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August 2005 Contents

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UPA 2005: Reflections of a First-Timer

by Debbie A. Spalding
Dallas, Texas

Career Insight
With the encouragement of a couple of members of the Dallas-Fort Worth UPA chapter, I decided to attend this year’s UPA conference in Montreal. After six and a half years in technology product management and marketing, I wanted to learn more about the usability field and hopefully gain some insight that would help guide me in the next phase of my career.

My interest in usability had evolved out my role as an advocate for customers and users. As a product manager and marketer in an engineering-centric organization, I took this role very seriously. In addition, for as long as I can remember, I have had a tendency to observe how things work (or don’t work) and have wanted to find ways to improve them.

Strategy & Networking
Upon arriving at UPA 2005 and studying the program book, I was faced with a typical conference dilemma. I wanted to do it all! Since this obviously wasn’t possible, I decided to focus on the case studies and strategy sessions. Based on my own work experience and the limited research I had already done on the usability field, I knew that the practice of user-centered design (UCD) was not yet widespread. To most of us (if I may now claim to be one of you - even as a newbie), the need for UCD is probably self-evident. Unfortunately, however, this is not always readily apparent to the “powers that be” or our co-workers. The case studies and strategies presented at the conference emphasized that the business case for UCD must be made, and collaborative, cross-functional relationships must be forged. Indeed, the “Bridging Cultures” theme of the conference not only applies to the cultures of the users, but to internal cultures as well.

Of course, UPA 2005 also provided excellent opportunities for networking. Thankfully, I got to speak with a number of people who were eager to share their unique experiences, including UPA President, Whitney Quesenbery, who was very accommodating with her time. I am grateful for the insights that each of these individuals shared, and hopefully they found I was able to reciprocate in some way.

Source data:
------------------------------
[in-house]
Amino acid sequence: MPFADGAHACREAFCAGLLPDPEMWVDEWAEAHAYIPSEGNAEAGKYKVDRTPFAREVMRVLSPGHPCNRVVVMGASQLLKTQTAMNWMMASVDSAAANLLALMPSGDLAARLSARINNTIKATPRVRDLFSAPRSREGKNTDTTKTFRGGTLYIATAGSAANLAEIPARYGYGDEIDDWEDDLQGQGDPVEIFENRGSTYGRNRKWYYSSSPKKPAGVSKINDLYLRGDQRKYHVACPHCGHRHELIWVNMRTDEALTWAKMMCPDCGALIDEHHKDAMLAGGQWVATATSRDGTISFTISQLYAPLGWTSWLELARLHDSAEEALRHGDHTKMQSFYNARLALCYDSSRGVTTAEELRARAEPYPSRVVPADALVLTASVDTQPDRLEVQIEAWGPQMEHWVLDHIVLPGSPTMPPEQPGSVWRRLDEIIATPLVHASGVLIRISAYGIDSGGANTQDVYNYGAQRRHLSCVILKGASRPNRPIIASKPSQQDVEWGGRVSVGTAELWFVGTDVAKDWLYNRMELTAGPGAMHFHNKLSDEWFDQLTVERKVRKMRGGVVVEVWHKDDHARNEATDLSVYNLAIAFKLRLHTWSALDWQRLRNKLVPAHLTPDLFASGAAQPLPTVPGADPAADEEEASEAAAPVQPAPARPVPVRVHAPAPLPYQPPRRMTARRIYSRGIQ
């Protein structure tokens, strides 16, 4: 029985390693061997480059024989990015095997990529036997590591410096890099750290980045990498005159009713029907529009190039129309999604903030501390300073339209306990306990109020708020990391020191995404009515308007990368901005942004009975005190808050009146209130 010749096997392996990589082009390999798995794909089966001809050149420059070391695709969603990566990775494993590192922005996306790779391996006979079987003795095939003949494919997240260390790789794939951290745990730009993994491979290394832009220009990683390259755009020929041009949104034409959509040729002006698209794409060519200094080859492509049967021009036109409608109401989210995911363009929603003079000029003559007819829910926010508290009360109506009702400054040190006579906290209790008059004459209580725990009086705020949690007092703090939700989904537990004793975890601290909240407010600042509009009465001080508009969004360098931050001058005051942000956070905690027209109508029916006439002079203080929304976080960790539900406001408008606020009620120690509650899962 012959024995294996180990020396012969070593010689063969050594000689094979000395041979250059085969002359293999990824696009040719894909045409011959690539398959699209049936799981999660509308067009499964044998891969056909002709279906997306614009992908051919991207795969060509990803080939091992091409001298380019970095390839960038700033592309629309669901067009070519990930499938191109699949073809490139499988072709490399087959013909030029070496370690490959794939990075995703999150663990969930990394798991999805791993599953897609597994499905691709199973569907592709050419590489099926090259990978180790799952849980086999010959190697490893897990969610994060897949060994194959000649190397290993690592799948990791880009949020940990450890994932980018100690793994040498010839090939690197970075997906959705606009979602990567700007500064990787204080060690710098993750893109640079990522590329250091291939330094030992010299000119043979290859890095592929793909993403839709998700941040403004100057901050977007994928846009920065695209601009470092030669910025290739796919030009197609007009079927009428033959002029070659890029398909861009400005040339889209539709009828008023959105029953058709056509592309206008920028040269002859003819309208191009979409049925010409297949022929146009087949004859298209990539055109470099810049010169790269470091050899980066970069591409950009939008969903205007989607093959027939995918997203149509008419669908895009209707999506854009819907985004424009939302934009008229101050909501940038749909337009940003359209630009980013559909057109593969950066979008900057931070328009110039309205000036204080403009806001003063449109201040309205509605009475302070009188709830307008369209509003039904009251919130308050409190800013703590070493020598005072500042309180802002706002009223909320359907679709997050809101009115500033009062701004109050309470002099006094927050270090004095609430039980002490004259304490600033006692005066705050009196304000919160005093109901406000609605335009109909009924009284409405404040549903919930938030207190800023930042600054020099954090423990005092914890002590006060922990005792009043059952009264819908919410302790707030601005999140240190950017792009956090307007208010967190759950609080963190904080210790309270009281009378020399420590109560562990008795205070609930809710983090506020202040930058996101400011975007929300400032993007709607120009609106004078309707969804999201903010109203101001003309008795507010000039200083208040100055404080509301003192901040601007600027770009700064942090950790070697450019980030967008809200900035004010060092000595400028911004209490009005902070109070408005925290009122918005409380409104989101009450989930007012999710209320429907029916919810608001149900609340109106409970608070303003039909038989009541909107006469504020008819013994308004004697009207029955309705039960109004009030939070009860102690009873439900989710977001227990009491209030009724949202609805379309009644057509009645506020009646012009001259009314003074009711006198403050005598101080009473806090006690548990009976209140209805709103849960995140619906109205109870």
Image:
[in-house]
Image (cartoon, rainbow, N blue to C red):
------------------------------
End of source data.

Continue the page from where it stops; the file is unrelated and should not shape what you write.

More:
Buh-Boop! (1)
I must confess that as a Tivo devotee, I was thrilled to find that representatives from Tivo were among the many distinguished presenters at the conference. Clearly, the exceptionally user-friendly services Tivo provides and hence Tivo’s ultra-devoted following are the direct result of the UCD process outlined in their presentation. Moreover, the outstanding delivery of their presentation exemplified the kind of appreciation the Tivo organization has for its audience, whether that audience consists of its products’ users or its presentation attendees. After the Tivo session, I have to say that I felt almost as if I had just seen the Beatles live!

Bridging Careers
In all, the knowledge and insights I gained at UPA 2005 will help me as I bridge my career from one phase to another. Regardless of the specific role(s) I embrace as my career progresses, I undoubtedly intend to make usability a core component of whatever I do.

Storytelling at UPA 2006
I hope to continue this journey at UPA 2006. The conference theme, “Usability Through Storytelling,” is certainly hitting on a hot topic. When you get a chance, you may want to check out Daniel H. Pink’s new book, A Whole New Mind (2). The observations in this book about the power of storytelling and other forms of what Pink calls “R-directed thinking” may very well inspire you to travel to Colorado next June to share your story.

(1) For those who have not yet discovered Tivo, “Buh-Boop” is a reference to the distinctive sound Tivo makes when the user makes a menu selection.

(2) Pink, Daniel H. A Whole New Mind (New York: Penguin Group, 2005)

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